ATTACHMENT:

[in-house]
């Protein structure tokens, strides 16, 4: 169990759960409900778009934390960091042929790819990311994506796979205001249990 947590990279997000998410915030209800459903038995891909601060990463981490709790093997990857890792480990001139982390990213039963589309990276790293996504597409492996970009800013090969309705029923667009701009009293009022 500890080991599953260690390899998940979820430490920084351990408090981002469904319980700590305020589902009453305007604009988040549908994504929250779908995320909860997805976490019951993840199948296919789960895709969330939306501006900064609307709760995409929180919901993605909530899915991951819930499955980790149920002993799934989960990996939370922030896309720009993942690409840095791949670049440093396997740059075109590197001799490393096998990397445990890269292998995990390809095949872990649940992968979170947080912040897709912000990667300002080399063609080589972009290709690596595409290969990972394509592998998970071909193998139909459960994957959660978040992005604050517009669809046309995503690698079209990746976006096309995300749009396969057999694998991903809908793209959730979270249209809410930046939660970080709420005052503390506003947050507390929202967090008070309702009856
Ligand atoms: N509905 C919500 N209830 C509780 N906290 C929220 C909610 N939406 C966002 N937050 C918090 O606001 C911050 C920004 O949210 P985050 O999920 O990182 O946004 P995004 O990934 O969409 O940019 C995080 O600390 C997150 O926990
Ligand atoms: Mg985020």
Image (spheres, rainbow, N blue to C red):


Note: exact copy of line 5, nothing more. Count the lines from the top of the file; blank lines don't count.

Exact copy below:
Image (spheres, rainbow, N blue to C red):